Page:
The technology sector has been hit particularly hard this year, with many of the growth drivers of the last five years falling in the pivot to value. Cloud computing has been heavily impacted by the macro-environment. While the macro does matter, many of the companies within the industry have operations that are generating increasing amounts of free cash flow.
It’s worth a more in-depth look, believes Christopher Gannatti, CFA and global head of research at WisdomTree, in a recent blog post.
“If most cloud computing companies are trading based more on macroeconomic factors, opportunities can be created because the companies where positive things are happening are being pulled down along with everything else,” wrote Gannatti
Zoom is one such example. It’s a company that soared during the work-from-home lifestyle necessitated by the onset of the pandemic in 2020, but since then it is targeting and obtaining a different client base of customers. These newer customers generate $100,000 or more annually in recurring revenue and it’s a customer subset that is currently growing 46% year over year.
In a challenging environment every dollar matters and finding companies that are operating more efficiently, particularly software-as-a-service companies that historically have 50% of their revenue eaten up in sales and marketing, can make a huge difference in free cash flow. Zoom is one such company. While they have recently bumped up their sales and marketing spending by 5%, this portion still only cuts into 25% of total revenue, half of the industry norm. That is the reason that Zoom generates around $2 billion in adjusted free cash flow annually, according to Gannetti.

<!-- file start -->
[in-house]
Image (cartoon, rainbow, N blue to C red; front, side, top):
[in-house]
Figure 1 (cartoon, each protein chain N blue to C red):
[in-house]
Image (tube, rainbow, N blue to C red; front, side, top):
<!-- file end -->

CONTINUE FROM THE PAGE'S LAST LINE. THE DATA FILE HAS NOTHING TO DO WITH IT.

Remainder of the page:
“In the current environment, if these stocks start trading less on macroeconomic factors and more on fundamentals, we believe that the capability to transition from revenues to free cash flows to earnings will be prized, and Zoom is doing this,” Gannetti explained.
Sprout Social is a company that amplifies brands, companies, and people on social media and has operating costs that are also less than the average for SaaS companies. Sprout spends 39% on sales and marketing and is creating 9% free cash flow on just $240 million in annual recurring revenue. Most SaaS companies don’t generate this level of free cash flow until they bring in annual recurring revenue of $500 million or $1 billion.
Sprout has also historically grown at an accelerated rate and is worth keeping an eye on looking ahead. At $100 million Sprout had 30% growth, at $180 million, 34% growth, and at $240 million, 41% growth.
Box is a company that enables efficient data storage and file sharing and had a 1% operating margin in 2020 and its most recent operating margin reported was 20%. The sales and marketing portion is down to just 28% of annual recurring revenue with a free cash flow that is around 20% of revenue.
“The present environment makes us think that there could be an even greater value on businesses saving costs and finding efficiencies. To the extent that cloud subscription services can actually help businesses continue operating and save costs, we think this is a very interesting space for consideration,” Gannatti wrote.
WCLD Invests in SaaS Companies Operating Efficiently
The WisdomTree Cloud Computing Fund (WCLD ) provides investors pure-play exposure to companies that provide cloud-based software. While growth and technology stocks have suffered in the first half of 2022, it means that funds such as WCLD are currently undervalued, providing a good entry point to the space for investors.
WCLD tracks the BVP Nasdaq Emerging Cloud Index, an equally weighted index comprised of companies that derive the majority of their revenue from software provided via the cloud. That could mean remote delivery or a cloud-based business model that is subscription-, transaction-, or volume-based.
WCLD has an expense ratio of 0.45%.
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